cursed is the ground because of you!
In toil you shall eat its yield
all the days of your life.
Thorns and thistles it shall bring forth to you,
as you eat the plants of the field.
By the sweat of your face
shall you get bread to eat
until you return to the ground
from which you were taken.
You are dust,
and to dust you shall return.”
However paradisal the earth was when God first set all the laws of the universe in motion, we can look around now and see that us humans have sure made an awful mess of ourselves and our planet. But we cannot point to murderers and rapists and mudslides without first evaluating the role we ourselves have played in augmenting the suffering in the world through our own failure to choose love and live in harmony with creation.
I can honestly say I don't know why God thought it would be a good idea to give weak little humans this dreadful responsibility... except, I am rather glad that he did. That I can override those natural inclinations geared towards my own self-gratification and make choices that intentionally bless the people around me—what an incredible gift. That my husband is not with me out of pure animal instincts to procreate but has actually chosen to love and honour me for the rest of our lives—I wouldn't have it any other way. The words "I love you" actually mean something because of free will. Heroes and martyrs and saints are possible because of free will and the necessary resistance against evil. Somehow, despite all the awful choices that humans have ever made, despite pain and loss, the world is a better place because of the people who have lived and the good we have also been able to choose.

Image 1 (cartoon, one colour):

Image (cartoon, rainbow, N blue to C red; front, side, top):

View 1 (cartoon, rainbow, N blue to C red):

This is what we mean when we say that God's plan is a "mystery". It might sound like a cop-out but it is pointing to the reality that to us, in this particular point in space and time, the tragedy of a natural disaster or the malevolent harm from another person may make zero sense at the moment. Only when we enter into eternity and see all things—joy despite suffering, triumph amidst tribulation, love eclipsing hate—in the context of his perfect plan, will we understand why God sometimes allows terrible things to happen.
"I consider that the sufferings of this present time are as nothing compared with the glory to be revealed for us.”
— Romans 8:18
Ask and you shall receive
Now, God's power isn't arbitrary but neither is it indifferent. It's not like he set the world in motion and then forgot about it. We know that he sometimes suspends the laws of nature, which we call miracles. We also know that he helps his people make good choices—this we call grace.
Ask and it will be given to you
Seek and you will find
Knock and the door will be opened to you
It might not be how you planned, or what you think is "best", but God does listen to us and he will give us what we need to make it to Heaven. This is the promise he has made in Jesus. Just look to the cross... It is proof that our God is powerful enough that he can turn even the greatest evil into something good. Something glorious, even. Do not be afraid to raise your arms to the Father, even if you just need help with a shoe.
"We know that in all things God works for the good of those who love him."
— Romans 8:28
Then through his Son Jesus Christ he will pronounce the final word on all history. We shall know the ultimate meaning of the whole work of creation and of the entire economy of salvation and understand the marvelous ways by which his Providence led everything towards its final end.
—Catechism of the Catholic Church, n. 1040